The term "final compression pressure" means the compression pressure in the combustion cylinder before combustion.

The terms "introduction" and/or "injection" when referring to the fuel or the air/fuel mixture are used interchangeably and simply refer to providing the fuel or the air/fuel mixture to a combustion chamber or cylinder.

As previously mentioned, the present invention is directed to methods and means to provide a relatively slow and long burning combustion or power cycle which results in an exhaust of high pressure which can be used to drive subsequent cylinder or cylinders and/or turbochargers. The compression ratio is reduced and combustion temperatures can be below the approximate temperature at which NOx forms. Preferably, and ideally, the pressure during combustion remains substantially constant. This results in a controlled energy release producing more torque and horsepower, less fuel consumption and drastically decreases pollution, both chemical and heat, to the atmosphere. The invention is applicable to modifying existing engines and to new internal combustion engines.

Referring now to FIG. 1 which illustrates preferred 10 embodiments of both the method and the apparatus of the invention, a conventional air intake filter 10 can be utilized, but preferably one with a low pressure drop, to receive atmospheric air. The filtered air is then passed to the air compression system 12 for compressing the air externally of the power cylinder. The filtered atmospheric air is further compressed in the compressor 12 to 40% to 100% of the final compression pressure so that substantially all or most of the compression of the air is done externally of the combustion cylinder. The air compression system 12 can be selected to achieve the engine designer's purpose by using a single stage, multi stage, or any compressor type or arrangement to provide the maximum effective pressure for the combustion cylinder.

The compressed air and/or air/fuel is then introduced into the air cooling system 14 and is cooled to temperatures effective to maintain the compressed air when mixed with the fuel to form a combustible air/fuel mixture temperature ahead of the flame front below its autoignition temperature before or during combustion in the combustion cylinder, and preferably below a temperature of 1800 F. which is the approximate temperature at which NOx starts to form. The air cooling system 14 may be a single unit, or multi stage coolers as desired for maximum cooling efficiency.

The compressed and cooled air is then introduced into the power system or combustion cylinder 16, preferably before top dead center of the piston in the combustion cylinder 16. The fixed combustion cylinder volume at top dead center can be increased optimumly so that as the piston starts accelerating in the power stroke, the change in volume is decreased per change of time (dV/dT) which reduces the cylinder pressure as the volume increases over a much lower rate than by having a much smaller volume at top dead center as found in current, higher compression ratio Otto and Diesel cycles.

Preferably, the fuel is introduced into the combustion cylinder 16 at a timed rate extending from a range starting at 45 before to 35 after the top dead center of the piston and continuing to as much as 180 or more after the top dead center so that it is not all injected almost instantaneously as in current Otto and Diesel cycles. Delivery of the fuel or air/fuel mixture and combustion may continue to 180 after top dead center or more where engine designs require higher exhaust gas pressures/volumes to drive the expansion piston and/or subsequently the external air compressor.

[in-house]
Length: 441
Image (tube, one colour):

By cooling the air prior to the start of combustion much cooler than in the Otto, Diesel or other cycles can presently do; by reducing dV/dT to a much slower rate than current Otto or Diesel cycles; and by controlling the fuel injection timing so that the rate of heat released from the combustion process is such that the changes in cylinder volume and cylinder pressure offset one another, a controlled energy release is produced which can be tailored to the requirements of a particular internal combustion engine providing more torque and horsepower, less fuel consumption and drastically reduced pollutants. In other words, as the rate of heat released tends to increase cylinder pressure, the rate of volume change tends to reduce cylinder pressure neutralizing and offsetting each other so that there is no substantial change in cylinder pressure during the combustion process resulting in the foregoing advantages.

Thus, an engine designer, using the Haring Cycle principle, can select any desired maximum cylinder pressure for any particular engine application, can then select the fuel injection cutoff point in degrees after top dead center, thereby maintaining an almost constant cylinder pressure from top dead center to the cutoff point. If the engine designer selects the cutoff points so that the total heat released does not raise the combustion temperature above 1800 F., very little, if any, NOx will be formed during the combustion process. In any event, the fuel rate, the exhaust temperature, the unburned hydrocarbons, CO, CO2 and NOx will be dramatically reduced over that of an Otto, Diesel or other cycles producing the same output power. Also, the designer can select an almost constant cylinder pressure from top dead center to a selected cutoff point so that combustion does not raise the cylinder temperature above 1800 F. or the approximate temperature at which NOx begins to form. Ideally, the pressure at bottom dead center or at the point where the exhaust valve or valves begin to open will not be below 30% of the substantially constant controlled combustion pressure.